You may have noticed that we are all surrounded by tech. We use it for work, for entertainment, and to keep in touch with our friends and family. It can feel, from the moment you wake up to the moment you go to bed, that you are tethered to your many gadgets. If you’re feeling overwhelmed by the constant use of technology, you’re not alone. We even have a name for it: technology fatigue.
What is tech fatigue and how can we deal with it while living in a world perpetually steeped in new technology?
What is tech fatigue?
Technology fatigue happens when you find yourself constantly surrounded by technology to the point that it becomes overwhelming and exhausting. Most of need a certain amount of technology — and enjoy having it — but after constant use, screens have a way of mentally tiring us out with their constant demands on our attention. The challenge lies in learning how to make the most of all our technology without allowing it to overwhelm us.
It’s easy to fall into the trap of being constantly connected. The internet makes it easy to make friends around the globe, which means notifications and messages are often flooding in at all hours of the day. Instead of letting yourself get overwhelmed, take frequent breaks from technology. Once or twice a day, make it a point to mute your phone, close the laptop, and do something else, anything else. You can even set a couple of daily reminders (yes, on your phone) to prompt you to walk away, even if it’s only for 10 or 15 minutes at a time.
Unless you’re working out with a VR headset or biking through virtual races with other Peloton users, being immersed in technology means that we spend a lot of time in a chair or behind a desk. This sedentary lifestyle can lead to a number of different injuries or health problems, from repetitive stress injuries like carpal tunnel, to back problems from poor posture. Sometimes the best thing we can do to prevent tech fatigue is to literally step away by taking a walk, run, or bike ride around the neighbourhood. It’s good for your overall health and it forces you to take a tech break.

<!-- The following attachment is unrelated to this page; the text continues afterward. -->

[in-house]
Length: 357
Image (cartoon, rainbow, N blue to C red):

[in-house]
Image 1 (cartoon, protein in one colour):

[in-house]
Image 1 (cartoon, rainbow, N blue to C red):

People may be able to access you at all hours thanks to the tech we carry around with us — but that doesn’t mean that they should be allowed to do so. Set boundaries — and enforce them. The types of boundaries you set will vary, depending on your job and how you stay in contact with friends and family, but as an example, you might decide not to answer any work messages before 9 a.m. or after 6 p.m., you might vow to never bring devices with you to the dinner table, and you might set the phone down to charge in another room two hours before bed so you’re not tempted to spend the better part of the evening doom-scrolling.
Apple devices have a Focus mode that allows you to block notifications from specific contacts or apps (you can view our full guide here). Android’s Do Not Disturb mode allows you to do the same. It may require some tweaking to ensure that you’re not missing important messages during work hours, but it’s a valuable tool to help you establish boundaries to prevent tech fatigue.
The internet is always there, ready to share another sad, stressful, or otherwise negative news story throughout the day and night. If you find your tech is increasing your anxiety and stress, practicing mindfulness and meditation can help.
If you’re not sure where to start, apps like Calm, Headspace, and a host of other options offer guided meditations that can take you through the basic steps. Music services like Spotify also have a collection of guided meditations on all sorts of different topics. Pick a path, and get started.
Start a tech-free hobby
Sometimes, we need something that keeps us entertained and engaged without requiring us to boot up a computer or spend time staring at a screen. Take up a tech-free hobby, such as knitting, doing puzzles, or learning how to play guitar. Choose something that engages your mind and keeps your hands busy — and keeps you away from your phone or computer.